Flatiron with Chimichurri

This dish is amazing. It’s a definite crowd pleaser; the only people I can think of who would hate this dish are people who refuse to eat meat. It’s one of the few dishes that I ever have made that my MOTHER ranked a 10 out of 10 on first taste. I can’t tell you how well it reheats because it was completely inhaled by me, my folks, and my boyfriend. It was also kinda neat because it was the first dish I ever made where my guy actively helped out in the kitchen.

This domestic goddess masterpiece was made on a Sunday. But I couldn’t get out of my head something that happened Saturday night.

Warning: the following language may be offensive to some readers. Discretion is advised.

I was out and about with two of my oldest friends (both male) and my boyfriend. We’re all in our late 20s to early 30s; we all went to college, mostly to completely on our own dimes by the way. I’m the only one still apartment living–the rest have mortgages. We’re all debt free (with the possible exception of the mortgages). We are, on the surface, actual adults. And we were talking about how we were so over adulting. Talking about just taking time for ourselves and being selfish. Talking about going back to (grad) school, how if we could do it over again we’d have majored in something else. Things like that. Eventually, we got to the thought experiment of me being a “kept woman”. All three men rather quickly determined I never could be a kept woman.

Frankly, I was insulted.

I grew up in a generation where kids were told they could be anything they wanted to be. That nothing was impossible. Especially if you really wanted the something in question. So, if I put my mind to it and honestly decided (again, in a mind experiment) that I wanted to be a putzfrau, that I wanted to quit being an underpaid and under-appreciated career-woman and instead become an underpaid and under-appreciated housewife, why was the answer suddenly “no”?

I countered, mostly just for the sake of countering.

Argued that I’m great at cleaning, not too shabby at cooking (and enjoy doing both). That I’d have the time to go back to volunteering like I did pre-grad school. That I’d take hot yoga classes, start playing music again, and join a book club. And the idea of going to farmers markets to get the local cheeses to serve at the monthly wine club meetings sounded amazing. I could manage to stay completely happy in this life.

The responses?

Friend #1: “You realize book clubs don’t read the kind of esoteric shit that makes you tick? They read books you can get in the same aisle as deodorant and bananas that are written by people interviewed on Regis and Kelly. [Clearly, the last time this friend watched daytime TV was the same day he last was in a grocery store.] Plus, you need a lot more money before you can even join a wine club.”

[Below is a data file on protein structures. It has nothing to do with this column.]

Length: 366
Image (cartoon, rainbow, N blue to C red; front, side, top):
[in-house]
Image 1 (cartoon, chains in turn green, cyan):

Friend #2: “You’re too ambitious. You regularly publish papers with undergrads. I still don’t know how you pull that one off–remember what we were like then? You teach 300-level college courses. And you think a year or two from now you could say ‘Oh, I learned about this new eco-friendly cleaning product at Whole Foods’?! That doesn’t sound like a smooth transition. I don’t want to be your friend during that time.”

My boyfriend: “You’re too much of a man, and that’d piss off the other women. You’d want to spend the wine club meetings talking to the men about pairs trading and not to the women about Macy’s white sale–hell, you probably don’t even know what a white sale is because you absolutely hate shopping. And if a ‘gal pal’ asked you to get a smoothie after yoga class you’d think the calories alone would defeat the purpose of the class.”

So just like I don’t see them cashing in their chips to buy a small beach house where they’d blog and write poetry all day because they honestly love their hip(ster) location and yuppie dining and D.I.N.K. lifestyle; just like I don’t see them giving up their 6-figure job they constantly complain is boring to go to law or business school because in their current position work actually cuts into their day; just like I don’t see them doing anything beyond or living anywhere beyond their current because change just has never been worth their hassle, I guess they don’t see me living any other life. I suppose I’m just going to have to continue to be a hard-to-impress, high-standard-holding, stressed-out ball buster until or unless I perish in academia…in which case the setting for the plot may have to change but it seems unlikely that the character will.

But–and here, they’re most definitely right–my friends say I think too much. So, let’s just get to the recipe already!



  • Flatiron steaks (we had two. Each about one pound)
  • Garlic
  • Parsley
  • Cilantro
  • Oregano
  • Jalapeno
  • Salt
  • Pepper
  • Red wine vinegar
  • Olive oil


  1. Do all your sous-ing.

    The jalapeno is in the bowl. I did NOT use that much jalapeno
  2. Place all ingredients but the steak in a blender until smooth.
  3. Marinade the steak. I took giant Ziploc bags and placed the steak and sauce in said-bags.

  4. Grill the steaks. Since they’re so thin, it shouldn’t take more than 3-4 minutes per side.
  5. Do NOT let the meat rest. Slice and serve immediately.

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